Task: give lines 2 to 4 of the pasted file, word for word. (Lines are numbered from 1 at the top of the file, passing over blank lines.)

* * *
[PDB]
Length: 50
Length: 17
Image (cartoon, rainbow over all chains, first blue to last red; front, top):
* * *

Length: 50
Length: 17
Image (cartoon, rainbow over all chains, first blue to last red; front, top):